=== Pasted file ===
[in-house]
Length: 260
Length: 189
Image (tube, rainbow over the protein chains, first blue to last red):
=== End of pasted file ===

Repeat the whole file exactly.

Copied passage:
[in-house]
Length: 260
Length: 189
Image (tube, rainbow over the protein chains, first blue to last red):